ME  Vol.2 No.4 , September 2011
Effects of Exchange Rate Volatility on Trade in Some Selected Sub-Saharan African Countries
Abstract: The paper investigates the impact of exchange rate volatility on trade in 40 selected sub-Saharan African countries for the period 1986-2005. The study employs a gravity model with pooled ordinary least square (POLS) allowing for fixed effect and panel Generalized Method of Moments (GMM) techniques. The results of the analysis show that the net effect of exchange rate volatility on aggregate trade was positive using the two approaches. In the way the results show that there is not much difference between the impact of exchange rate volatility on primary and manufactured trade as well as between ECOWAS and non-ECOWAS countries. However, the results should be interpreted with caution as the history of exchange rate volatility is still relatively young compared with the developed countries.
Cite this paper: nullD. Olayungbo, O. Yinusa and A. Akinlo, "Effects of Exchange Rate Volatility on Trade in Some Selected Sub-Saharan African Countries," Modern Economy, Vol. 2 No. 4, 2011, pp. 538-545. doi: 10.4236/me.2011.24059.

[1]   G. O. Akpokodje, “Exchange Rate Volatility and External Trade Performance of Selected African Countries, 1973-2003,” A Ph. D Thesis Submitted to University of Ibadan, Nigeria, 2007.

[2]   O. Ogun, “Real Exchange Rate Movements Export Growth in Nigeria, 1960-1990,” AERC Research Paper 82, Nairobi, 1998.

[3]   D. Ghura and T. Grennes, “The Real Exchange Rate and Macroeconomic Performance in Sub-Saharan Africa,” Journal of Development Economic, Vol. 42, No. 2, 1993, pp. 155-174. doi:10.1016/0304-3878(93)90077-Z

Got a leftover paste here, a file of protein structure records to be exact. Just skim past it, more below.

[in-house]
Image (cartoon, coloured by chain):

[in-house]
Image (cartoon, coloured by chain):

[4]   A. Subramanian, “The Mauritian Success Story and its Lessons,” Wider Research Paper 2009/36, UNU-WIDER, Helsinki, 2009.

[5]   I. Bah and H. A. Amusa, “Real Exchange Rate Volatility and Foreign Trade: Evidence from South Africa’s Export to the United States,” The African Finance Journal, Vol. 5, No. 2, 2003, pp. 1-20.

[6]   World Bank, “World Development Indicators,” World Bank, Washinton DC, 2006.

[7]   E. Helpman, “Imperfect Competition and Inter National Trade: Evidence from Fourteen Indus Trial Countries,” In: M. Spence and H. Hazard, Eds., International Competitiveness, Cambridge, Ballinger, 1987. pp. 197-220.

[8]   M. D. Mckenzie, “The Impact of Exchange Rate Volatility on International Trade Flows,” Journal of Economic Surveys, Vol. 13, No. 1, 1999, pp. 71-106. doi:10.1111/1467-6419.00075

[9]   R. Anderton and F. Skudelny, “Exchange Rate Volatility and Euro Area Imports,” European Central Bank Working Paper No. 64, 2001.

[10]   N. S. Ndung’u, “Liberalization of the Foreign Exchange Market and Short Term Capital Flows Problem,” AERC Research Paper 109, Nairobi, 2001.

[11]   D.O. Yinusa, “Exchange Rate Variability, Currency Substitution and Monetary Policy in Nigeria (1986-2001),” An Unpublished Ph.D Thesis, Depart Economics, Obafemi Awolowo University, Ile-Ife, Nigeria, 2005.

[12]   A. Asseery and D. A. Peel, “The Effect of Exchange Rate Volatility on Export-Some New Estimates,” Economic Letters, Vol. 37, 1991, pp. 173-177. doi:10.1016/0165-1765(91)90127-7

[13]   M. Arellano and S. R. Bond, “Some Tests of Specification for Panel Data: Monte Carlo Evidence and an Application to Employment Equations,” Review of Economic Studies, Vol. 58, No. 2, 1991, pp. 277-297. doi:10.2307/2297968

[14]   J. D. Sargan, “The Estimation of Economic Relationships Using Instrumental Variables,” Econometrica, Vol. 26, No. 3, 1958, pp. 393-415. doi:10.2307/1907619